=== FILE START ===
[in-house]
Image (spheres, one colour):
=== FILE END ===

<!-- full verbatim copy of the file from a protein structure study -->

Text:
[in-house]
Image (spheres, one colour):